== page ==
The government has two main ways it tries to influence the economy – through Fiscal Policy and Monetary Policy. Fiscal policy is the more direct approach, where the government levies taxes and subsidies to try to balance its budget while encouraging growth, while monetary policy is less direct – tweaking interest rates and modifying the money supply.
What is the Money Supply?
The money supply is the total amount of money in circulation at any given time. This number will be quite different depending on what type of money you look at. Economists generally group the “money supply” into four categories based on liquidity. The more liquid the type of money (meaning how easily it can be spent), the more restrictive its money supply category.
M0 – Cash
The most restrictive picture of the money supply is the physical cash and coins. In other words, how much currency is circulating in the economy. M0 does not count any “electronic money” (like money deposited into a checking account). M0 is not used very often anymore, since it is so easy to spend money directly from a bank account.
M1 – Cash + Checking Accounts
The next level up is M1 – or “liquid money”. This is all money which can easily be spent immediately, so it includes both cash and checking accounts. M1 is much bigger than M0, since most people usually hold a lot more money in their checking accounts than they do as cash.
M2: Cash + Checking + Saving
M2 is even bigger – it includes everything in M1, plus anything deposited into savings accounts and some Certificates of Deposit. This is in a separate category because there is another level needed before this money can be spent. Usually you would need to transfer money from your savings account into your checking account before you can spend it, making it slightly less liquid. M2 is sometimes called “Near-Money” because of the need to make a transfer before you can spend it. This is the most commonly-used measure of the money supply as an indicator of economic growth.
M2 is very commonly used as a stand-in for “Money Supply”. Because it includes most types of deposits, it includes the “Money Multipliers” from fractional reserve banking (see our article on How Money is Created for details).
M3: Cash + Checking + Saving + Money Markets
M3 is even bigger than M2 – it also includes high-interest savings accounts that put restrictions on withdrawals. These are called “Money Market” accounts (or some bigger Certificates of Deposit also qualify). With these accounts, the depositor gets a higher interest rate than a typical savings account, but they need to maintain a very high minimum balance, and are limited on how many times they can withdraw.
Because of these restrictions, money market accounts are “less liquid” than normal savings accounts.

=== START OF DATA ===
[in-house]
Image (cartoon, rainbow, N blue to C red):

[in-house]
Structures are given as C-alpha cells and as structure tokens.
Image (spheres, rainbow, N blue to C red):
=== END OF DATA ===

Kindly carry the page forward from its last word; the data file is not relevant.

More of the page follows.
Monetary Policy – The Big Picture
Monetary policy is set by the Federal Reserve Bank, not by Congress and the President. This is important, because it means that monetary policy is usually more removed from the normal “politics” of Washington. The Federal Reserve has two main objectives for monetary policy: encouraging economic growth, while controlling inflation.
Inflation and Growth
Inflation and growth are closely related. The economy grows when more people invest their savings to help business grow, and spend more money on consumption. This means growth is usually funded by borrowing – most businesses take out loans to help fuel their own growth.
Taking out loans causes the money supply to grow, while paying it back will cause the money supply to shrink. This means over the entire life of the loan (from initially borrowing it to fully paying it back), the money supply does not change. However, businesses will spend the loan before paying it back, putting that money into circulation.
If the economy is growing, it means more people are taking out loans today than they were yesterday. This means that the money supply grows before the rest of the economy – which causes some inflation.
Inflation caused by growth – example
- Step 1: Business takes out a loan (increasing the money supply)
- Step 2: Business uses the loan to hire a new employee, and pays the new employee their first paycheck (putting the money into circulation)
- Step 3: The business provides a service to one of its clients, and gets paid for it (generating a profit)
- Step 4: The business pays back its loan
In this example, the business pays its employee, and the employee spends their paycheck before the business gets paid by its client, and pays back its loan. This means that while businesses take out loans to drive growth, that money enters the economy before new value is added (meaning the growth the business causes). In the time between when the employee is paid and the business provides its service to the client, money was added to the economy, but no growth was added. More money but no growth means a small amount of inflation.